The first thing you should know about Fable is that it’s an RPG which was originally released for the Xbox. If you already knew that, and odds are you did, then you’ll also know it’s a Lionhead/Peter Molyneux game. So, this review can pretty much end here. Obviously, it’s great. Or it isn’t. Which might seem to verge on stating the obvious.
Now we haven’t gone stark staring mad here; well okay, actually we have, but that happened years ago and is nothing to do with Fable (it was the glowing pixies that did it, them and their blasted confusion dust).
The point we’re blundering around hoping to make, and hopefully we’ll blunder into it any word now, is that a Molyneux offering is always great in theory, but underneath the shiny concept coat, the actual gaming experience doesn’t always bear that out fully. That is to say, he often has such lofty and disparate aims with his work that Molyneux will hack off more pixel flesh than he can possibly process, and end up creating a merely good game rather than a fantastic one.
Fortunately, Fable doesn’t try to do too much. It’s tight rather than over-reaching in design philosophy, yet there’s still a fist-full of detail touches and nuances as you’d expect from the “Molymeister”. The basic premise is that the player lives through the life of a single hero, from childhood wooden swords and marbles through to grizzled plate-wearing veteran. Add a slaughtered family and quest for vengeance for good measure, naturally.
The world is alive and sort of open-ended; we’ll come back to the latter point in a moment. By alive, we mean the shops shut when night falls, villagers actually go to bed, when the weapon-smith wakes in the morning he goes about the business of laying his swords out on display stands and so on. He might even nip off for a pint at the local tavern at lunchtime. Village people (no, not the band) react to your presence with various comments, depending on whether you’re a good or evil sort and how renowned you are.
Your reputation is boosted by successfully completing quests and you’re free to roam the world attempting these and getting stuck into all sorts of other stuff. There are mini-games to play, including cards, coin golf and chicken kicking (complaints to the Royal Society for the Protection of Poultry, please).
There are hidden keys and chests to find, there’s fishing to be done, treasure to be dug for, maidens to flirt with and eventually marry, houses you can buy and furnish ornately if you have the money. You can choose to be an evil git of a thief who breaks into people’s houses and wipes his bottom on their tablecloth, or a heroic fighter who donates all his money to the church and spends three hours gazing at himself in the mirror every morning.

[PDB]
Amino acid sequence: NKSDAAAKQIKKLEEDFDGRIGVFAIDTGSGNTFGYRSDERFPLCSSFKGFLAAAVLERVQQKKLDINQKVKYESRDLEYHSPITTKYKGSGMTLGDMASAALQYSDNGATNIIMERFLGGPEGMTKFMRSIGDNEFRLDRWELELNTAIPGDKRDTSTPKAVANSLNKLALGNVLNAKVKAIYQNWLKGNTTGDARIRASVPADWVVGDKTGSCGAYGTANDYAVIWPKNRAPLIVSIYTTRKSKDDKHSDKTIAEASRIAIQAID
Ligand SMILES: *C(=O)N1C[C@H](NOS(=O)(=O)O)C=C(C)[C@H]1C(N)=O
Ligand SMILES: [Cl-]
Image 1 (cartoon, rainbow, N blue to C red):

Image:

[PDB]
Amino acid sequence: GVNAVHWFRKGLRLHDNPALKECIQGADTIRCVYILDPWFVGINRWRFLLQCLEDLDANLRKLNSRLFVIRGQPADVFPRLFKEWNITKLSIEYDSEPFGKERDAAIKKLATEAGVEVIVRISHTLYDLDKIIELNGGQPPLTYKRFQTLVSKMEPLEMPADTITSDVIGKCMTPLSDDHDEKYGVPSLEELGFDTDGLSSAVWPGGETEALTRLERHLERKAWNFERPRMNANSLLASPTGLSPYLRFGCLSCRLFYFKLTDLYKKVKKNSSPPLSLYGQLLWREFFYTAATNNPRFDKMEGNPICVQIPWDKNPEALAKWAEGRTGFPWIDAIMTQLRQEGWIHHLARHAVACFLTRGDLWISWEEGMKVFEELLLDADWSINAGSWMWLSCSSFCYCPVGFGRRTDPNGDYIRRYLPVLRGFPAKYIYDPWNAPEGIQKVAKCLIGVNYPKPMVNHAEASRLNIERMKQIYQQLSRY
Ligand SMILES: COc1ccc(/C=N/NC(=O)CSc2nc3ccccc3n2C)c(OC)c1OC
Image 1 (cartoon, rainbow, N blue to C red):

While that’s all very free ranging (especially the chickens bit), Fable is only ‘sort of’ open-ended because the quests you can take at any given time are limited and you are channelled down certain routes to an extent. You’re told when you need to return to the guild to pick up a new quest, for example, and the level design feels somewhat straight-jacketed, with marked paths to take and areas you can see but can’t reach due to mysterious invisible barriers.
And this linearity carries through into the quest tasks themselves on occasion. For example, in one you have to infiltrate a bandit camp by finding five pieces of bandit armour to use as a disguise. How does this play out? You reach a small group of bandits, beat them up, there’s a chest, open it, one piece of armour. Trot down the road a bit, there’s another small group of bandits, take them apart, guess what? There’s a chest, open it, another piece of armour. Repeat a further three times. Why not make one of the chests an exercise in stealth, another a puzzle mini-game, and so on? Fable is overly simplistic at times.
However, in the end this RPG won us over simply because it’s damned good fun to play. That’s the bottom line: it has the Molyneux magic running through it. And compared to the Xbox version, the PC incarnation has large chunks of extra content bolted on, so there’s considerably more to do and see.